gives -1, 0, or 1 depending on whether x is negative, zero, or positive.


  • Mathematical function, suitable for both symbolic and numerical manipulation.
  • For nonzero complex numbers z, Sign[z] is defined as z/Abs[z].
  • Sign tries various transformations in trying to determine the sign of symbolic expressions.
  • For exact numeric quantities, Sign internally uses numerical approximations to establish its result. This process can be affected by the setting of the global variable $MaxExtraPrecision.
  • Sign automatically threads over lists.


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Basic Examples  (4)

Real numbers:

Complex numbers:

Plot over a subset of the reals:

Plot over a subset of the complexes:

Scope  (26)

Numerical Evaluation  (6)

Evaluate numerically:

Complex number inputs:

Evaluate to high precision:

For real inputs, the result is exact:

For complex inputs, the precision of the output tracks the precision of the input:

Evaluate efficiently at high precision:

Sign threads elementwise over lists and matrices:

Sign can deal with realvalued intervals:

Specific Values  (5)

Values of Sign at fixed points:

Value at zero:

Values at infinity:

Evaluate symbolically:

Find a value of for which the TemplateBox[{x}, Sign]=0:

Visualize the result:

Visualization  (4)

Plot TemplateBox[{{1, +, x}}, Abs] on the real axis:

Plot the real and imaginary parts of the function:

Visualize Sign in three dimensions:

Plot the real part of the function:

Plot the imaginary part of the function:

Function Properties  (6)

Sign is defined for all real and complex inputs:

Function range of Sign for real inputs:

The range over the complex plane is the unit circle plus the origin:

Sign is an odd function:

Sign has mirror symmetry TemplateBox[{TemplateBox[{z}, Conjugate, SyntaxForm -> SuperscriptBox]}, Sign]=TemplateBox[{TemplateBox[{z}, Sign]}, Conjugate]:

Sign is not a differentiable function:

The difference quotient does not have a limit in the complex plane:

There is only a limit in certain directions, for example, the real direction:

Use RealSign to obtain this real-differentiable result:

TraditionalForm formatting:

Function Identities and Simplifications  (5)

Expand assuming real variables x and y:

Simplify Sign using appropriate assumptions:

Express a complex number as a product of Sign and Abs:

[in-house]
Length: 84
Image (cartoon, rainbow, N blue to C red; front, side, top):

is equal to :

TemplateBox[{TemplateBox[{z}, Sign]}, Abs]=1 for all non-zero :

Applications  (2)

Plot the real and imaginary parts of Sign over the complex plane:

Define Rademacher functions:

Plot (vertically shifted) Rademacher functions:

Check orthogonality over the unit interval:

Properties & Relations  (10)

Sign with simple arguments automatically evaluates to simpler form:

Sign is idempotent:

Use FullSimplify to simplify expressions involving Sign:

Simplify under additional assumptions:

Assume realvalued variables:

Use Sign as a target function for ComplexExpand:

Use Sign in definite integration:

Integrate along a line in the complex plane, symbolically and numerically:

For complex values, the indefinite integral is path dependent:

The indefinite integral for real values:

Use in integral transforms:

Obtain Sign from integrals and limits:

Convert to Piecewise:


Possible Issues  (5)

Sign is a function of a complex variable and is therefore not differentiable:

As a complex function, it is not possible to write Sign[z] without involving Conjugate[z]:

In particular, the limit that defines the derivative is direction dependent and therefore does not exist:

Use RealSign, which assumes its argument is real, to obtain a differentiable version of Sign:

For purely real or imaginary approximate arguments, Sign returns exact answers:

For general complex arguments, Sign tracks the precision of the input:

Sign can stay unevaluated for numeric arguments:

Machineprecision numerical evaluation of Sign can give wrong results:

Arbitraryprecision evaluation gives the correct result:

A larger setting for $MaxExtraPrecision can be needed:

Sign applied to a matrix does not give the matrix sign function:

Neat Examples  (3)

Form repeated convolution integrals starting with a symmetric product of three sign functions:

Approximate Sign through a generalized Fourier series:

Calculate rational approximations of Sign:

Wolfram Research (1988), Sign, Wolfram Language function, (updated 1996).


Wolfram Research (1988), Sign, Wolfram Language function, (updated 1996).


@misc{reference.wolfram_2020_sign, author="Wolfram Research", title="{Sign}", year="1996", howpublished="\url{}", note=[Accessed: 26-January-2021 ]}


@online{reference.wolfram_2020_sign, organization={Wolfram Research}, title={Sign}, year={1996}, url={}, note=[Accessed: 26-January-2021 ]}


Wolfram Language. 1988. "Sign." Wolfram Language & System Documentation Center. Wolfram Research. Last Modified 1996.


Wolfram Language. (1988). Sign. Wolfram Language & System Documentation Center. Retrieved from